Iron is an important mineral for healthy red blood cells. Without enough iron, you have a higher risk of developing anemia. However, it’s also possible to have an iron deficiency without anemia.
Iron deficiency is the
Iron is a mineral that your body needs to make healthy red blood cells. Without enough iron, your body can’t make enough red blood cells.
It’s also possible to have an iron deficiency without anemia, though it may progress to anemia. One study estimates that iron deficiency without anemia is actually
Iron deficiency with and without anemia are preventable and treatable conditions. This article will take a closer look at the signs and symptoms of iron deficiency without anemia, who is at risk, and how it’s treated.
An iron deficiency can cause some of the same symptoms as iron-deficiency anemia. The only way to know for sure is through blood work.
Common symptoms of iron deficiency include:
- difficulty concentrating or focusing
- feeling tired or lethargic
- changes in
- feeling weak, especially when doing an activity
It’s a good idea to talk with your doctor if you notice any of these symptoms. They can order blood work to find out more. Blood tests will measure your iron levels and may also be able to determine if low iron levels have caused iron-deficiency anemia.
It may take
Iron deficiency has different causes. Sometimes it’s a combination of factors.
Common causes of iron deficiency include:
- low iron intake from food or supplements
- increased iron needs
- poor iron absorption
Some people are at greater risk of developing iron deficiency. This includes people who:
- eat a vegetarian or vegan diet
- are pregnant
- are children or teenagers and need extra iron for growth
- have had gastric bypass surgery
- have active inflammatory bowel disease or celiac disease
- have changes in their stomach acid from using proton pump inhibitors or from a H. pylori infection
- menstruate, especially those who have heavy periods
- have blood loss due to internal bleeding or surgery
About ferritin and hemoglobin
Ferritin levels also play a role in iron deficiency. Ferritin is a storage form of iron. The World Health Organization (WHO) defines low iron as a ferritin level below
Hemoglobin can also be affected by iron levels. Hemoglobin is a part of the red blood cell that carries oxygen. Your body needs iron to make hemoglobin. When hemoglobin levels are low, it means that your red blood cell levels are also low.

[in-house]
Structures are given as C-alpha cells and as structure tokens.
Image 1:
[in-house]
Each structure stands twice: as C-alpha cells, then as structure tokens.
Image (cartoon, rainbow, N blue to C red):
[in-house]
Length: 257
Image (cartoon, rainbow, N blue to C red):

Iron deficiency without anemia may be
How much iron do you need each day?
Anyone who menstruates needs more iron due to monthly blood loss.
People ages 19–50 who menstruate need
Some of the best sources of iron include:
- iron-fortified breakfast cereal
- pumpkin seeds
Blood work is the best way for iron deficiency to be diagnosed, with or without anemia.
The main blood tests that are used include ferritin and hemoglobin. Other tests might be done at the same time to find out more about the health of your red blood cells.
If your ferritin is low, but your hemoglobin is normal, you may have iron deficiency without anemia. If your hemoglobin level is also low, it means your red blood cell count is low. This may be diagnosed as iron-deficiency anemia.
The first-line treatment for iron deficiency is usually
Iron infusions are another option, but this is typically only done in more severe cases of iron-deficiency anemia.
Increasing iron intake from food may help, but this is most effective in nonsymptomatic people who don’t have any absorption issues. In many instances, dietary changes alone isn’t enough to raise iron levels into the normal range.
You’ll likely need to have follow-up blood work done within
If iron deficiency is not treated, the amount of iron in your body may continue to drop. Over time, this may affect your body’s ability to make red blood cells which could, ultimately, cause anemia.
An iron deficiency is when the levels of iron in your body are low. Iron deficiency is the most common cause of anemia, but an iron deficiency can also occur without anemia. Blood work is the only way to know for sure.
Iron deficiency with and without anemia are both treatable conditions. Many people may be able to normalize their levels within a few months with the right treatment.